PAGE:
By Rich Figel
Sorry for the short notice, but I've been busy wrapping the new May episode of Career Changers TV, which premieres Thurs. night at 9:30 pm on OC16 (approximate time since it's following high school softball).
In any event, here's the scoop on the Hina Mauka Luau on Sat., May 5 from 4 to 8 pm:
Onolicious kau kau at the Lu'au for friends, families and alumni. Under the stars at Hina Mauka we'll have Hawaiian food, hula and live music by Mount Keala. Tickets are $25, and can be bought at Hina Mauka from Evon 384-3873, Helen L. 447-5270, Helen S.U. 447-5258, or with a mail-in form (click here). Proceeds will benefit Hina Mauka's Kokua Fund, which helps needy clients with treatment related costs.
As many of you know, I'm a grateful recovering alcoholic. Although I did my rehab at Castle Medical Center (which no longer has a recovery unit) I am proud to be considered a Hina Mauka alumni and have done PR work for them in the past. It's safe to say that had it not been for rehab, I probably would not be as happy or successful as I am today. In fact, I'd probably be in prison or dead.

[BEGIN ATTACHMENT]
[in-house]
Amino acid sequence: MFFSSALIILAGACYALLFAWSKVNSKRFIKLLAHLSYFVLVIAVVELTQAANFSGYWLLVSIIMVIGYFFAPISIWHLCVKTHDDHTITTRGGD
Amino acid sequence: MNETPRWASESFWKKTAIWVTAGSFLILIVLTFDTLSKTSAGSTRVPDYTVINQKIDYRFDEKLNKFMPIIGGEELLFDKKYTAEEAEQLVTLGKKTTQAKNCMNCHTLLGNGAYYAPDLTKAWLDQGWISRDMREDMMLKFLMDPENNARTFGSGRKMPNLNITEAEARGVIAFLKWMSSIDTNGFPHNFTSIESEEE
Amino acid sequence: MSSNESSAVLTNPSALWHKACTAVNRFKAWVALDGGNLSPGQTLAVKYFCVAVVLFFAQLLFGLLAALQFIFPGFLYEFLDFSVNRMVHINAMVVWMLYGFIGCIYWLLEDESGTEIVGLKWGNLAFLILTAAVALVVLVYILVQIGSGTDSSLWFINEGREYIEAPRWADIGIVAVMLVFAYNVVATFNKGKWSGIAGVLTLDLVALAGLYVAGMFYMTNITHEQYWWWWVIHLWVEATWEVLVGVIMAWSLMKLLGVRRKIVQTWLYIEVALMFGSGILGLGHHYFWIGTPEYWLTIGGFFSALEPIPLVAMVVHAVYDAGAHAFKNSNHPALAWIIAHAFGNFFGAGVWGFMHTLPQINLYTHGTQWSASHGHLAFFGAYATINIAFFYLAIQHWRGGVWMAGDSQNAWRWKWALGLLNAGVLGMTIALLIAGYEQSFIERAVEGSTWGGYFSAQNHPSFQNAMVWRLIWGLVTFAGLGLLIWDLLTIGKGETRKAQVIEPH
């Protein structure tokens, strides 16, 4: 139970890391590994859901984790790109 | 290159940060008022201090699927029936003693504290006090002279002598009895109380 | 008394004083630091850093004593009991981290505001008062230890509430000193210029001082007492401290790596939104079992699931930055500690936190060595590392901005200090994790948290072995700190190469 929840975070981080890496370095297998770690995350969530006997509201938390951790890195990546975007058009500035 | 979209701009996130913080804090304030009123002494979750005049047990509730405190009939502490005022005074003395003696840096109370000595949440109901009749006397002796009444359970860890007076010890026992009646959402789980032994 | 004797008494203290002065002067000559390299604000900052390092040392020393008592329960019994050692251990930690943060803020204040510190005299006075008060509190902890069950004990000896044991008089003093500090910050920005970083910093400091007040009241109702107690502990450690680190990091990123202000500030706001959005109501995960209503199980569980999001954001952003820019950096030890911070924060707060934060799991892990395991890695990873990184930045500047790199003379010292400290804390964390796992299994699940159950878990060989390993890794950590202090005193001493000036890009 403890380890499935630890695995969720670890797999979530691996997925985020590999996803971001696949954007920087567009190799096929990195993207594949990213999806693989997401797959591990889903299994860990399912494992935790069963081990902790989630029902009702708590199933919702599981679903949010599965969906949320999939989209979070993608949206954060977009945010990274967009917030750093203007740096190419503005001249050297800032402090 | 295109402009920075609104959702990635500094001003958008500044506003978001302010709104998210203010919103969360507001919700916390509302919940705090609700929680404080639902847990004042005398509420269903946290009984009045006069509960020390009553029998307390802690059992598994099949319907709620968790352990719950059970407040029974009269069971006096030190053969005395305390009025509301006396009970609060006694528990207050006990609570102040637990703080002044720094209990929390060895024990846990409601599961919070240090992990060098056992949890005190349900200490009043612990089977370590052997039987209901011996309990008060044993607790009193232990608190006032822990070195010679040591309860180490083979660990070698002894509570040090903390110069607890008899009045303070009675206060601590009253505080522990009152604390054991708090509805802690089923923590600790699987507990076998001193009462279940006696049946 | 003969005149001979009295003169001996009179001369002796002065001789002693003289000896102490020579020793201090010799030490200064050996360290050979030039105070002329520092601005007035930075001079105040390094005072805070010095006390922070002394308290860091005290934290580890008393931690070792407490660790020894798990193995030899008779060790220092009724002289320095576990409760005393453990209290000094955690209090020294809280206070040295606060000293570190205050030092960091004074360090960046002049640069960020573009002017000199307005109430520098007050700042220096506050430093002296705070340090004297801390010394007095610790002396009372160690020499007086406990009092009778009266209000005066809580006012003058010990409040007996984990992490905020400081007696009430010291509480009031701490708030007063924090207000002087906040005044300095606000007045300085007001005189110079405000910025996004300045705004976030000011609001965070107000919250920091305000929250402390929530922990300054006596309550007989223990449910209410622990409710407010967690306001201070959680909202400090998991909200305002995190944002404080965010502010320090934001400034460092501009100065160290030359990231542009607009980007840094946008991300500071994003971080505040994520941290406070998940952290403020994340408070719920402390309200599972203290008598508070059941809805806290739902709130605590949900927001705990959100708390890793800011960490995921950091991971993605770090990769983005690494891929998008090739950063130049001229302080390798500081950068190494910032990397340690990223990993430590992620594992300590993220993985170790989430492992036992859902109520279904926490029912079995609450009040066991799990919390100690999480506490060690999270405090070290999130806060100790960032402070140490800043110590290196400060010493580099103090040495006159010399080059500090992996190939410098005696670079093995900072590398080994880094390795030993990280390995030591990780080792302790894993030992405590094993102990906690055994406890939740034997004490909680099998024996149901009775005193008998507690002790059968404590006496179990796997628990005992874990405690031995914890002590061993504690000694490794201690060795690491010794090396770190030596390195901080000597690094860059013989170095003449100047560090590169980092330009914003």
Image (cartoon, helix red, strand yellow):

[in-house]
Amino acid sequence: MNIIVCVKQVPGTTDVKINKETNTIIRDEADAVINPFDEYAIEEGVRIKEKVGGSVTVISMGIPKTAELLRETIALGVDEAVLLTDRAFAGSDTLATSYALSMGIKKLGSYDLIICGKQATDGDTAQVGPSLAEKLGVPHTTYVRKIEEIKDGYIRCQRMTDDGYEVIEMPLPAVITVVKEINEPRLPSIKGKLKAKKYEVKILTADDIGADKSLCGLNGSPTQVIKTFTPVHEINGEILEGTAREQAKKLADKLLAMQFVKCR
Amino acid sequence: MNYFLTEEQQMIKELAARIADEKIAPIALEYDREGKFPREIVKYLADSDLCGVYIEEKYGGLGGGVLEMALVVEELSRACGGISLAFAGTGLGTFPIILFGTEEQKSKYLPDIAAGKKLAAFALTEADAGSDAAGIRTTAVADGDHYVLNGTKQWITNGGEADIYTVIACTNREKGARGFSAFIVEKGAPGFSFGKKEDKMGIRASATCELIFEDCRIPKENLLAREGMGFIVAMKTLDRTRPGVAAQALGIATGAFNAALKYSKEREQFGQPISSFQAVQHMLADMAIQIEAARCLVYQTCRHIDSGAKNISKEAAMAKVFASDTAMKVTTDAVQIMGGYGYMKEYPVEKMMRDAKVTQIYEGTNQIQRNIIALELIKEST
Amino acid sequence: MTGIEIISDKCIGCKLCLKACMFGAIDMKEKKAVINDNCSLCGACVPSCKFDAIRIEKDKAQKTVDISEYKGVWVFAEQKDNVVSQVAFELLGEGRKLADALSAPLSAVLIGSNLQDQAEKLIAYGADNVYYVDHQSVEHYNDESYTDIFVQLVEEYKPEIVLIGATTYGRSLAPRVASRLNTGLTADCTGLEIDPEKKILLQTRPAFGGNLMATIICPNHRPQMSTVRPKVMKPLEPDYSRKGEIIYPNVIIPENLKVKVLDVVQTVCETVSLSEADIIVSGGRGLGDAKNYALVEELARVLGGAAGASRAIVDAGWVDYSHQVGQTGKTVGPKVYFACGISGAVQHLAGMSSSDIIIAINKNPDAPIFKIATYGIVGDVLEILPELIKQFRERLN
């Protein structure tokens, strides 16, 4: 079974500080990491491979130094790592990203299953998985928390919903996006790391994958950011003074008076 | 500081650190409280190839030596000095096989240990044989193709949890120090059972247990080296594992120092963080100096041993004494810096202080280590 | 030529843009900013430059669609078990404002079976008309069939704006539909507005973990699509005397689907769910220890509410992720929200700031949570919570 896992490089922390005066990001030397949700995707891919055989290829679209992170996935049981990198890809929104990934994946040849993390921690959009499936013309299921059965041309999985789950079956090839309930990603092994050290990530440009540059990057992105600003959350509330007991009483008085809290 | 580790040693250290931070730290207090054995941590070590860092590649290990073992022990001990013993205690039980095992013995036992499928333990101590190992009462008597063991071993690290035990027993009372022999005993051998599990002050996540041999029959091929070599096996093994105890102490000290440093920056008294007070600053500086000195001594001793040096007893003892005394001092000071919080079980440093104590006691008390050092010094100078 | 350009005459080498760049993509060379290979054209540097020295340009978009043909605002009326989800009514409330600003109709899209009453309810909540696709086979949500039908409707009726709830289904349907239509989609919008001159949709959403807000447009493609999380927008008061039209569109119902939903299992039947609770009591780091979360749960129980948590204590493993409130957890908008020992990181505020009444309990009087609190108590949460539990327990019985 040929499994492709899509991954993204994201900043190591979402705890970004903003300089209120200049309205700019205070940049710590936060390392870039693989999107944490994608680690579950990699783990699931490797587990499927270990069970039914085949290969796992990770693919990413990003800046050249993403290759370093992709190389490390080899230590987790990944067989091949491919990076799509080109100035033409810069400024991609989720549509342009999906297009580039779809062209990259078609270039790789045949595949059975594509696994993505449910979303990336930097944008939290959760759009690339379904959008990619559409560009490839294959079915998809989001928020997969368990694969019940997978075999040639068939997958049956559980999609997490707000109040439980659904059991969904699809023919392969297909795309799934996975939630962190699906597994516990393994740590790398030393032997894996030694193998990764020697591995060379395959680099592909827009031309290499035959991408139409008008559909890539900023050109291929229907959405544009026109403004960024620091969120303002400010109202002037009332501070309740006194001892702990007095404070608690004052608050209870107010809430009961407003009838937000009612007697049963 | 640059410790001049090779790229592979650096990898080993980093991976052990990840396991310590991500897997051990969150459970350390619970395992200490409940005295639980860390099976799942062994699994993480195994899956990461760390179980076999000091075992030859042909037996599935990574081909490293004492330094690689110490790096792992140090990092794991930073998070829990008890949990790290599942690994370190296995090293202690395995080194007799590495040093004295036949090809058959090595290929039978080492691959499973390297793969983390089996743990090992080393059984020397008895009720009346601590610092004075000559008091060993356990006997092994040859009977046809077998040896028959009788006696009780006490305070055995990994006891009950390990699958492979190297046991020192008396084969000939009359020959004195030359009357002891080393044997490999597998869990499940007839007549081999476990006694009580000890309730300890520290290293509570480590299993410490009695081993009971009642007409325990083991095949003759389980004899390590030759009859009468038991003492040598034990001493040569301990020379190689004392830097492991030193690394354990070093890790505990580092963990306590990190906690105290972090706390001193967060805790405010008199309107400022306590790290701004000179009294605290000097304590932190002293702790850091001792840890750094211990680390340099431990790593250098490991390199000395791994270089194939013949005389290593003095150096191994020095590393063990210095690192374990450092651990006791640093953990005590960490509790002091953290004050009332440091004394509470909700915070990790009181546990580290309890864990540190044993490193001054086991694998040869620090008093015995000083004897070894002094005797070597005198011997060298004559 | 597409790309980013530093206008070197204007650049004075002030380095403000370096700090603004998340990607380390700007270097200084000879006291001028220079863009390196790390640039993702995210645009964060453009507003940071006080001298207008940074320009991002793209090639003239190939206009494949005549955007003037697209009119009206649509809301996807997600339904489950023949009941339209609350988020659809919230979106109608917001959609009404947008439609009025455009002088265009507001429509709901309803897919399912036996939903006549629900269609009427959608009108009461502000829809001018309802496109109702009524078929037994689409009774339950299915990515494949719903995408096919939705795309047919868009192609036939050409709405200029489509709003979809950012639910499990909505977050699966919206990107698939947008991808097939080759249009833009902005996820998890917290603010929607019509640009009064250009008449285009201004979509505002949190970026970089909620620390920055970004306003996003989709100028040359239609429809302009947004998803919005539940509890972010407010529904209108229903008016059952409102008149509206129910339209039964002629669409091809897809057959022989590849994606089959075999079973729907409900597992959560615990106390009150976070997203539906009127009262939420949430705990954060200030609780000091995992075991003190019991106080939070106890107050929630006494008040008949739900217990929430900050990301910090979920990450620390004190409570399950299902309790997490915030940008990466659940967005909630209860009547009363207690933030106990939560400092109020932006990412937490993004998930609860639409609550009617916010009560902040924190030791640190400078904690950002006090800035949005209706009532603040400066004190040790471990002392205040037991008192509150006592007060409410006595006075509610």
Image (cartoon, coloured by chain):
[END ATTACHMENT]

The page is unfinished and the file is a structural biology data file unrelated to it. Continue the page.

Unfortunately, when the economy cratered after eight years of reckless cut-taxes-and-spend policies, social services -- including addiction treatment centers -- took a huge hit. Government support and grants were slashed across the board at a time when more people were turning to drugs and alcohol to cope with depression and job losses. Yet people in the recovery business didn't do a lot of public complaining. They just continued doing the best they could with less resources and money. And what they do is save lives... like mine.
If you can't make it to the Hina Mauka Luau this weekend, please consider visiting their website and making a donation. I can vouch for the effectiveness of their program, and tell you firsthand that most alcoholics and addicts aren't bad people at heart... they made bad choices, and many can lead productive lives if given a second chance. I'm living proof of that.
Here's the link to their site. Please give what you can -- or better yet, go to their luau!